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Published: September 10th 2010
So for breakfast today, I had a pancake with syrup and my mom put cinnamon on the table for it (not cinnamon sugar so i didn't use it), and she put the cinnamon out in two containers, and then she had also set out a mug of hot milk, so i was just going to avoid the milk, but, i was getting so thirsty, cuz I didn't love the pancake, so I was needing something to wash it down with. So I sipped the hot milk once, and it wasn't that bad, just kinda no taste, really. And then a little later, she came out with sugar and told me, "Here is some sugar for your cocoa." Turns out, the second container of cinnamon, the one in a dish, not in a sprinkling container (like that you sprinkle it out of), was actually chocolate to make hot chocolate. Whoops!
Commentary on the DR:
I think the reason that it even harder to understand native speakers of Spanish here, besides that they speak much faster than I can follow, is also because the inflection they use is different than in the states. A question never sounds like a question to me, and I don't realize it is a question until the person talking to me and I end up staring at each other for a couple of seconds. Then, I just say, Oh...what? Also, and this is specific to the DR, they drop the "s" at the end of words, which is confusing.
Here, you can't flush toilet paper...and other items, down the toilet, so when you're done, you have to throw it in a trash can next to the toilet. Also, bathrooms that are in restaurants, gas stations, movie theaters, the university...You are lucky to have one of the three: soap, toilet paper, toilet seat. If you want toilet paper, you better carry your own, as well as soap. As far as the toilet seat...I don't think they make a purse that big. The reason you can't flush stuff in the toilet though is because the septic tanks are very old and aren't able to "digest," if you will, the toilet paper, so if you flush it, it could become clogged. One of the ISA resident directors put it this way, "So, you better throw it in the trash, otherwise it'll explode and everyone will know YOU were in the bathroom, because you're American."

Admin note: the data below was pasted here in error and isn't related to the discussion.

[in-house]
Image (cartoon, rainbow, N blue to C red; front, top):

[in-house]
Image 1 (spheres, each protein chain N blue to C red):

Time, walking, and driving
So, I've heard this for other countries, about arriving on "Dominican time" or "Africa time" or whatever it may be, meaning that, you can show up 20 minutes late and no one will care. So, that was not surprising. What I thought was interesting though, was that the way they drive here (although not different from a lot of other countries as far as craziness and non-organization and not following traffic laws), is that they become incredibly impatient after sitting in traffic for 2 seconds, literally, and there is a constant orchestra of car horns. Plus, the taxis and the conchos drive along looking for anyone who looks like they might need a ride, so they honk every 10 feet or so. A concho is a small car, made for 5 people but they fill them to 7 (3 in front, 4 in back) that is kind of like a taxi, but you can't call for a concho, you just have to wave one down, and conchos have a set route. They are marked by different letters of the alphabet, and I think they are all over the country and different parts have different letters. To get to La Sirena, the Dominican Wal-Mart, I take the M concho. They are crowded, but very cheap, only about 50 cents, or 15 pesos.
So, people are always going as fast as possible when driving.